So Sunday was another World Environment Day. Established by the UN, this was marked for the first time in 1973. Since then it has been celebrated every year and is usually marked under a theme. This year the theme is "Join the race to make this world a better place".
World Environment Day is commemorated to focus the whole world's attention on why the environment is crucial and make us aware of what we are doing to it.
That's the hope anyway.
Now, the facts. This year stands as of now as easily the hottest year ever recorded in the past hundred years. So did last year and the year before that. Sure, this year had the El Nino to thank for such dismal weather, but it's also an unavoidable truth that right now, we are living with more carbon in our atmosphere than there has ever been before in the entire cycle of human history, since before the Industrial Age.
A child sits among piles of garbage at a dumping site in Dimapur, Nagaland (AFP photo)
However, key world leaders deny climate change; those who do believe it still carry on with business as usual. We are in the middle of the sixth mass extinction. Species are dying out faster than ever before. The last time this happened, dinosaurs disappeared toppling reptilian supremacy, making way for mammalian ascent. So congratulations to us, we are proving more destructive than some enormously large volcanoes and an asteroid.
The oceans stand at a tipping point as we have overfished and polluted the waters that give us life. As the oceans are enormous carbon sinks and produce close to 60% of the oxygen we breathe on this planet, this is a trifle short-sighted of us. The worst of it is that over 27 million tonnes of what is taken out of the ocean is casually chucked away as by catch (the unwanted fish and other marine species trapped by commercial fishing nets whilst fishing for specific species). Millions of tonnes go to waste in markets. Yet, people are still starving around the world. Millions have no clean water to drink and die from water-borne diseases while millions more breathe shockingly polluted air. Case in point: in India, there is not one city that is not polluted, most water bodies are toxic including many of our life-bringing rivers. We are finding toxins and pesticides in most of the food we are consuming and cycles of drought, heat and floods have affected and are affecting millions.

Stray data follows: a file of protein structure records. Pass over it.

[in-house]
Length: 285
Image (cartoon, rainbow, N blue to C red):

Foam from toxic industrial waste floating in the river Yamuna at Wazirabad in North Delhi.
Better facts? We live on a miracle. Out of thousands, hundreds of thousands, millions of permutation combinations, life found a way on our planet. Conditions came together in a perfect storm and there was the first life form on earth. From that single cell, life continued to find a way and through hundreds of thousands of other permutation combinations, homo sapien or the thinking ape came to be. So we are a miracle. Once an ape, then several human like species or humanoids, and finally just who we are. In our ocean, there lives the blue whale. It's the single-largest creature to have ever lived in the history of all of the species on the planet; the biggest-ever in 3.8 billion years of history - and it lives in our time! On land, we have one of the world's fastest runners, the cheetah, and in the air we have the world's fastest animal, the peregrine falcon, attaining speeds of up to 280 km an hour when it hurtles towards a prey. Even the cycle of predator and prey is a miracle. To the untrained eye, it looks like a lot of killing. The truth, however, is that predators bring life to their prey by taking out the slow, the sick, the less vigilant. Sometimes they do take out the babies and the young, but that controls populations from exploding, enabling the balance of life to be maintained.
Balance: something nature is very fond of. In fact, it's her raison d'etre.
As the cosmologist Carl Sagan, once famously said, "We are a way for the universe to know itself. Some part of our being knows this is where we came from. We long to return. And we can, because the cosmos is also within us. We're made of star stuff."
This 40-foot long blue whale died hours after it washed ashore at Alibaug beach near Mumbai
That applies for everything alive. The building blocks are the same the permutation combinations however so beautifully different allowing for that other miracle, bio diversity, the key to life and survival. It is why there is literally just a 1% difference between us and bonobos and just 2% between us and gorillas. In fact, we are so closely related to the fruit fly, that scientists study them to understand certain human conditions. Plants and animals might be markedly different, but our DNAs are a double helix and the DNA molecules are made from the same four chemical building blocks called nucleotides.
So when we are that deeply entwined with our planet, indeed the universe, why are we on a path so disconnected from the very source that brings us life? Nature?
She is unstoppable and She will find a way. Life, as it has proved, will find a way too. So either we wake up and become aligned again, or accept we will be taken out of the equation. (Swati Thiyagarajan is an Environment Editor with NDTV. She is at present writing a book "Born Wild", her show on NDTV, on her experiences with conservation and wildlife both in India and Africa, to be published by Bloomsbury.)Disclaimer: The opinions expressed within this article are the personal opinions of the author. The facts and opinions appearing in the article do not reflect the views of NDTV and NDTV does not assume any responsibility or liability for the same.
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